Greenhouse Vegetable Seedling: Protocol for Managing Thrips and the Tomato Spotted Wilt Virus
The Tomato Spotted Wilt Virus was observed extensively throughout Ontario in 1989 wherever field tomatoes and peppers were grown. The virus and its thrips vector were imported into Ontario with transplants. The virus-thrips complex, if not managed properly can cause serious losses in fruit quality and yield. Consequently, the Ontario vegetable seedling industry must guard against this complex. The industry must also assure their grower customers that an effective control strategy is being followed. The Ontario Seedling Marketing Board recommends the following strategy:
The principle management practices are exclusion of the complex through various cultural and management practices, and disease and insect monitoring with appropriate responses:
Provide a complete break in cropping for at least one month before vegetable seedlings emerge. This break includes the entire greenhouse complex.
Commence monitoring for thrips when the first seeding of vegetables is complete. Hang blue, sticky insect-boards close to the seedling canopy and at 15 m (49 ft.) intervals the length of the bay.
Only plants grown from seed may be produced in greenhouses used for vegetable seedling production. Early production of ornamental crops in these greenhouses is permissible if grown from seed.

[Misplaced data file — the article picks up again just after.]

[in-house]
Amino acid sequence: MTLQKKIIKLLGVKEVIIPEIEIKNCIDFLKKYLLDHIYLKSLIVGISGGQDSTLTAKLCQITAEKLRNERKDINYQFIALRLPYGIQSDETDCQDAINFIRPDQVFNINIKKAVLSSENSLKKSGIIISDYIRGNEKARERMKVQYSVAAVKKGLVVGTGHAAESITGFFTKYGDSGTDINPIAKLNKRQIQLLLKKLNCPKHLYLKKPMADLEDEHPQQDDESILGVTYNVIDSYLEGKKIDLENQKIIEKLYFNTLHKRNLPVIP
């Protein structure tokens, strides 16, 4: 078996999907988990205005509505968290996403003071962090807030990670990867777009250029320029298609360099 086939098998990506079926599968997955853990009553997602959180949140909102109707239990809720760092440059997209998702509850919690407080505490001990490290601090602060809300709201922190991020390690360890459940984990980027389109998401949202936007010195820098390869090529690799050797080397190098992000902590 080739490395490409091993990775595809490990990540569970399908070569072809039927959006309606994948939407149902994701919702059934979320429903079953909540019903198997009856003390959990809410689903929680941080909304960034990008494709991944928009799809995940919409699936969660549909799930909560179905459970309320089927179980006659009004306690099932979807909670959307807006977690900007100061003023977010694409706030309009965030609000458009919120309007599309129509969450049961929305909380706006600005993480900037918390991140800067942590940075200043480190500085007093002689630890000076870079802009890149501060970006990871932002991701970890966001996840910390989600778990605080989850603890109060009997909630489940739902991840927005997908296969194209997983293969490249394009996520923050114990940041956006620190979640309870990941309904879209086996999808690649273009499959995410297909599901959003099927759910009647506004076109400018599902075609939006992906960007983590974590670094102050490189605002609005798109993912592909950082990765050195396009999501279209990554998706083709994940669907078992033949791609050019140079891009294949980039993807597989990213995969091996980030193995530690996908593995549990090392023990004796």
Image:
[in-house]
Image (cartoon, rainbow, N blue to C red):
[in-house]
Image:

Greenhouses for vegetable seedling production should not be in close proximity to houses used for flower production. Situations not meeting this stipulation must be evaluated on a case-by-case basis.
Maintain weed-free greenhouses throughout the seedling production period.
Restrict visitors to prevent the introduction of thrips - post no admission signs at entrances. Anyone who has visited other greenhouses the same day should not be permitted entrance, unless thrips-free coveralls are used.
Avoid introducing bedding plants onto your premises for decorative purposes since many producers of this material have thrips and/or TSWV.
Immediately apply appropriate insecticides if thrips are found on plants or sticky boards, or if feeding scars or virus lesions develop on indicator plants. Insecticides of choice are Malathion alternating with a combination of Thiodan + Cymbush (contact your Horticultural Crops Advisor for pest control updates). The initial 3 sprays should be applied 4 to 5 days apart, and thereafter as recommended.
When infected vegetable seedlings are detected, remove them immediately, bag them, and store the closed bags out-of-doors until they can be disposed of.
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